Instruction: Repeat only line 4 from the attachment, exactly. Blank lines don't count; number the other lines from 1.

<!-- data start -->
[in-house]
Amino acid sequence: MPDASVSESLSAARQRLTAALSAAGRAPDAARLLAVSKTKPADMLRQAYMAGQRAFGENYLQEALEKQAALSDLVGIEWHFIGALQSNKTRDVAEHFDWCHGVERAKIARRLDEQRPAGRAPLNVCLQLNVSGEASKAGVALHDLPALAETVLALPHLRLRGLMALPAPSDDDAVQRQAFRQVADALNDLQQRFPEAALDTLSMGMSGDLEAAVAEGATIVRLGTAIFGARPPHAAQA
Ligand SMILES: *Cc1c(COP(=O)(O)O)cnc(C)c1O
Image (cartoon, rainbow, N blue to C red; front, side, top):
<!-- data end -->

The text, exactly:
Image (cartoon, rainbow, N blue to C red; front, side, top):